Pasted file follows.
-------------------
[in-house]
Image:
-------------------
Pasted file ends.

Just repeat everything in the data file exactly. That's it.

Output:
[in-house]
Image: